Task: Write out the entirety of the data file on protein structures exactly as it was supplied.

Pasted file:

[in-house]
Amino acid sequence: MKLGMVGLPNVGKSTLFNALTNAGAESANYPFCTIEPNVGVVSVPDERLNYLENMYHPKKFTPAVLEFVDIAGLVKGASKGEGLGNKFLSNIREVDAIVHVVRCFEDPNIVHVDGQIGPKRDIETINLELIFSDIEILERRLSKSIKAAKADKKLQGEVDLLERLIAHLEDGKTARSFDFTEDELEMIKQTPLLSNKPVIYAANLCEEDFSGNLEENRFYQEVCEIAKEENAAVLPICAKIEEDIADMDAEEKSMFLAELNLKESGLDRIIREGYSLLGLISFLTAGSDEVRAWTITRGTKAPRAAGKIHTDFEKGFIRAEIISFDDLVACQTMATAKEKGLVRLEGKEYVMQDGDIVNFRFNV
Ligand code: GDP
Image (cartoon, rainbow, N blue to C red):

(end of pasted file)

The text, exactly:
[in-house]
Amino acid sequence: MKLGMVGLPNVGKSTLFNALTNAGAESANYPFCTIEPNVGVVSVPDERLNYLENMYHPKKFTPAVLEFVDIAGLVKGASKGEGLGNKFLSNIREVDAIVHVVRCFEDPNIVHVDGQIGPKRDIETINLELIFSDIEILERRLSKSIKAAKADKKLQGEVDLLERLIAHLEDGKTARSFDFTEDELEMIKQTPLLSNKPVIYAANLCEEDFSGNLEENRFYQEVCEIAKEENAAVLPICAKIEEDIADMDAEEKSMFLAELNLKESGLDRIIREGYSLLGLISFLTAGSDEVRAWTITRGTKAPRAAGKIHTDFEKGFIRAEIISFDDLVACQTMATAKEKGLVRLEGKEYVMQDGDIVNFRFNV
Ligand code: GDP
Image (cartoon, rainbow, N blue to C red):